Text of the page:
ActiveMQ (was Re: Devel::Cover with Moose?)

Simon Wistow simon at
Thu May 26 17:25:01 BST 2011

On Tue, May 24, 2011 at 03:18:27PM +1000, Toby Wintermute said:
> By the way.. how are you finding ActiveMQ, especially when interacting
> with it from Perl?

My experience is a few years old and it's very possible things have 
changed now but, given a choice between working with ActiveMQ again and 
sawing off my own limbs with a spork I would choose self-mutilation with 
the hybrid cutlery every time.

Every time.

In my experience people's timeline with ActiveMQ goes like this (mine 
included, obv.) 

"Oooh, this looks nice. Not too hard to install. Oh, and look how easy 
it was to get stuff working. This is magic! Awesome. [time passes] Hmm, 
that's a bit odd, I guess I'll just work around it [more time passes] 
Wait? What? That's retarded! Why is it doing that? [even more time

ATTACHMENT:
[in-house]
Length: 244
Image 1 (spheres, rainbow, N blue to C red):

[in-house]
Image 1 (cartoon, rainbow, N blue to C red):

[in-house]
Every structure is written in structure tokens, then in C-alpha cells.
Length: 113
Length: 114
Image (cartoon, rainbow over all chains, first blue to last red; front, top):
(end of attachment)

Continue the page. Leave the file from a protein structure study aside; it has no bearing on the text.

passes] Holy Shit! Where's my data? Screw this."

Unless things have changed dramatically ActiveMQ has many, many features 
pretty much all poorly documented in the typical ASF/Java project 
fashion (i.e a poorly maintained wiki referencing multiple versions of 
the software implicitly, a collection of hard to navigate JIRA pages and 
masses of badly written Javadoc with no clear entry point). The basics 
(queues, topics, failover) don't work reliably because it appears like 
the dev team are hellbent on replicating every last feature of MQSeries 
and TibCo Rendevous. But doing it badly.


Annnnnnnnd breathe.

You'll have even more trouble with Stomp. It looks like I never released 
my Net::Stomp::Async module which got round the problem of only ever 
being able to consume 100 messages/s (because of select()) but you might 
still run into problems with the fact that Stomp assumes everything is 
text which can make doing property based routing difficult.

Also, (again unless things have changed) ActiveMQ requires that backoff 
is done by the client. I'm not sure if that's an issue.

I've had some issues with RabbitMQ reliability in the past and adminning 
Erlang can be interesting.

More recently I've used ZeroMQ for some stuff, a little Redis PubSub 
(with custom patches for queues as well as topics), TheSchwartz with 
specialist workers and written a really simple system in node.js

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